Monitoring Moose from the Skies

ArrayApril 21, 2021 at 3:56 pm

Two bull moose as seen from a helicopter

If you spent any time snowmobiling in certain areas of northern Maine this winter, you may have looked up to see a low flying helicopter scouting over the trees. This helicopter carried one Forest Pilot Ranger of the Maine Forest Service and three of Maine’s wildlife biologists, including the moose biologist, Lee Kantar on their annual aerial moose counts. From late December to mid-February, having snow on the ground allows greater contrast of moose on the landscape, making it easier to spot them while flying. The helicopter flies over specific sections in districts that best represent Maine’s core moose range and habitat.

In one survey, biologists count the number of moose spotted, providing an idea of the general number of moose in the core range. On another day, the crew conducts aerial surveys looking at the sex and age of individual moose that are spotted from the chopper, helping to demonstrate calf recruitment (the number of calves living to be one year old) and assists in monitoring the age and sex structure of the population.

In early January, a helicopter took to the sky for some more involved moose work. Native Range Wildlife Capture Services attached GPS collars to 70 ~8-month-old calves across Wildlife Management District (WMD) 4. Once a calf was spotted, the crew used a net gun to capture the moose and quickly land the helicopter. Within 10 minutes, the calf was gently tied, provided a face mask to calm it down, weighed, collared, a blood sample is taken, and then the calf is released. This data provides biologists a starting point for the calf’s health and the collar allows daily monitoring of movement and a mortality signal. The Department has been collaring moose for several years to assess and compare mortality rates of calves living through their first winter.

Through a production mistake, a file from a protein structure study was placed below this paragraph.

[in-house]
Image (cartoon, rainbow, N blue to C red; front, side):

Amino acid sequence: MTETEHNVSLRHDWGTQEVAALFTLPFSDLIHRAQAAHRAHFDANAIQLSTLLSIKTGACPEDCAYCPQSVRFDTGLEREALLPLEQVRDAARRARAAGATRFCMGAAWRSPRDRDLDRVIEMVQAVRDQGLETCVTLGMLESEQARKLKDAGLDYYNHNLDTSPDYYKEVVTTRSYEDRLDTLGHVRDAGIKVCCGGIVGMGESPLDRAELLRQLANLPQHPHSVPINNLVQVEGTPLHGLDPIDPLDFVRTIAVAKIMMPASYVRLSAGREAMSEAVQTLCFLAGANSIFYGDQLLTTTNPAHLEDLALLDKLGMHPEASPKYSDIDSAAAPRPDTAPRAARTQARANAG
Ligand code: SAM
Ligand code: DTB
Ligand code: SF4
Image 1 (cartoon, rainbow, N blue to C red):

In early spring, biologists respond to any mortality signals sent out by the GPS collars, allowing greater insight into the cause of death and impact on the population. This invaluable data provides information on individual and population health and has been the key component to implementing the adaptive management unit for the 2021 hunting season. The adaptive management unit will help determine if lowering moose densities can break or lessen the winter tick cycle ultimately improving the health of Maine’s moose. Learn more about the adaptive management unit and supporting research here.

To continue learning more about Maine’s ongoing moose study, winter tick, and Maine’s moose population, visit

Read other blogs about Maine’s moose:

Required Moose Stations and Vital Data Collection

Maine’s Dynamic Moose Study: An Overview of Maine’s Seasonal Moose Research

The Case of the Moose Spy

Moose Survival Study Continues with a Focus on Winter Tick

Or listen to the latest podcast series, Maine’s Moose. To listen, visit or search “Fish and Game Changers” on your favorite podcast app.